It should just be a function of focal length and objective lens size - so all other things being equal the 44mm scope will have slightly shallower DoF than the 42mm scope.
Now having said that, I've looked through scopes that according to the numbers should have worse DoF but they've actually had better - and it doesn't seem to be predictable based on whether it's a fixed mag or a variable mag scope.
The advice most people will give you (me included) is to actually look through a scope before you make a decision - don't make a decision based on the numbers written on a box. There are some obvious exceptions to that though - obviously a 50x mag scope with a 60mm objective is going to have a shallow DoF compared to a 10x42. If the numbers are close, have a butchers through before you part with the folding stuff.
Now something to be careful of when you look through a scope and make your decision. Light plays a big part in this, so try to look through a scope in as many different lighting conditions as possible. Clarity of optics and coatings play a part too and can lead to you think the DoF on one scope is better than another because one just seems brighter and clearer.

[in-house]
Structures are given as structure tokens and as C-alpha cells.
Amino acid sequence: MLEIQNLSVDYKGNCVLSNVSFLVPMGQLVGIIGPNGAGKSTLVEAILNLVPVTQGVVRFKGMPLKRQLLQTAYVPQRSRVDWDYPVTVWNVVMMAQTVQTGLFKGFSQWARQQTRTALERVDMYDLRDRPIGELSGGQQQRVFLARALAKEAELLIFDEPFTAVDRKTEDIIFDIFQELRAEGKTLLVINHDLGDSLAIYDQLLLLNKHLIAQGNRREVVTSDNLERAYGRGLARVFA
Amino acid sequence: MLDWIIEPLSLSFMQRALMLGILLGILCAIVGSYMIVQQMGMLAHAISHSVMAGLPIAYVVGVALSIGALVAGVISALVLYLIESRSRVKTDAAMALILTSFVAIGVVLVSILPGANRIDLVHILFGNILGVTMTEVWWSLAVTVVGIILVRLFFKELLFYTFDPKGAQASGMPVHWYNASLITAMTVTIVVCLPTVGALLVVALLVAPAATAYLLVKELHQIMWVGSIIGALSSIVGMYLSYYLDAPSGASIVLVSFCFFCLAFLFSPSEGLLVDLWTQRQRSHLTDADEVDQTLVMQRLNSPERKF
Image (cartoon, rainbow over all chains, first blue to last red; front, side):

The other thing to be aware of is - don't believe the numbers on a box. 10x is a pretty meaningless number - and is rarely accurate (I'm not even sure how to measure it).
But I'll say this - I've had two scopes side by side - both set on the indicated 10x mag and one was very noticeably more magnified than the other. In fact to get the magnification looking about the same by my eye, I had to turn one of the scopes up to 16x mag before they looked about the same. So that's one at 10x and the other at 16x for them to look the same to my eye. (that's a flipping big difference!).
In short - don't trust the numbers, trust your eyes (but not completely - be aware that you might skew any tests in favour of the scope you think will be better without it actually being better), and light will play a big part too.
Edit : typed that while Tench was typing his reply - he's faster at typing than me, or more succinct or both